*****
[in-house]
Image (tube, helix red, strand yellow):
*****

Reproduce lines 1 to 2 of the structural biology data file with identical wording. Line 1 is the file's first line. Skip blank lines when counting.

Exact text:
[in-house]
Image (tube, helix red, strand yellow):